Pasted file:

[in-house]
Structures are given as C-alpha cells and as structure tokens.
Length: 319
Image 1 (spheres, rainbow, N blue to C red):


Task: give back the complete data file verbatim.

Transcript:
[in-house]
Structures are given as C-alpha cells and as structure tokens.
Length: 319
Image 1 (spheres, rainbow, N blue to C red):